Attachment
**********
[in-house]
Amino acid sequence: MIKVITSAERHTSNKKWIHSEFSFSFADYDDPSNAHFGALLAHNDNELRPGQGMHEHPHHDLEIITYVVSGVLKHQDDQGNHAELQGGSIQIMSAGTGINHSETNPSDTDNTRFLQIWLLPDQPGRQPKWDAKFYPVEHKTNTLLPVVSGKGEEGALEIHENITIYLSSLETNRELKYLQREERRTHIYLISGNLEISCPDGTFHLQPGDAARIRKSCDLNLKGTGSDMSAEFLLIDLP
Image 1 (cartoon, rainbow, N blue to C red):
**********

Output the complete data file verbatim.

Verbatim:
[in-house]
Amino acid sequence: MIKVITSAERHTSNKKWIHSEFSFSFADYDDPSNAHFGALLAHNDNELRPGQGMHEHPHHDLEIITYVVSGVLKHQDDQGNHAELQGGSIQIMSAGTGINHSETNPSDTDNTRFLQIWLLPDQPGRQPKWDAKFYPVEHKTNTLLPVVSGKGEEGALEIHENITIYLSSLETNRELKYLQREERRTHIYLISGNLEISCPDGTFHLQPGDAARIRKSCDLNLKGTGSDMSAEFLLIDLP
Image 1 (cartoon, rainbow, N blue to C red):